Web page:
The plea reads that the initiation of the proceedings under the Complaint, or at the very least, continuation thereof, once it has been demonstrated by the preliminary inquiry that it pertains to alleged acquisitions prior to the 7-year period and is clearly barred by statute, without jurisdiction and the same is liable to be quashed.

Further, the petition filled submits that the maximum period of 180 days for completion of preliminary enquiry from the date of Complaint expired on February 1, 2021. In this backdrop, it has been stated that by this time, only on July 1, 2021, the comments were sought from Soren which is beyond the prescribed statutory period.

The plea adds that the final preliminary enquiry report was submitted by the CBI on 29.06.2022, about a year and a half after expiry of the 180- day period. Such purported report is void and null and non-est in the eyes of law and cannot be received or considered by the Respondent No.1.

Thus, the court took note of the order passed by Lokpal of India dated August 4, 2022 directing that proceedings under section 20(3) of the Lokpal Act be initiated to determine whether a prima facie case existed to be proceeded against Soren. It is Soren’s case that the order was passed without considering the preliminary objection on jurisdiction being raised by him.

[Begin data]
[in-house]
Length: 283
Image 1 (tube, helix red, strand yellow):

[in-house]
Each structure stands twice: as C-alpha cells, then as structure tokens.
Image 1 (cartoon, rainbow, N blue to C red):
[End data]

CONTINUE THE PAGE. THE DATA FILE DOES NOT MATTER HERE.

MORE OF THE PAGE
In the said order, the court noted that all the Lokpal of India recorded was that the comments received from the petitioner were forwarded to CBI so as to examine and submit an enquiry report.

It was ordered by the court that the challenge to assumption of jurisdiction by respondent no. 1 (the Lokpal of India) has neither been answered and nor dealt with. Matters require consideration. Subsequently, there will be a stay of proceedings pending before the Lokayukta.

Accordingly, the court will now hear the matter on 14 December.

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DELHI HC SETS ASIDE MURDER CONVICTION & LIFE SENTENCE OF MAN WHO WAS UNPRESENTED BY LAWYER; REMANDS CASTE BACK TO TRIAL COURT

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DELHI HC SETS ASIDE MURDER CONVICTION & LIFE SENTENCE OF MAN WHO WAS UNPRESENTED BY LAWYER; REMANDS CASTE BACK TO TRIAL COURT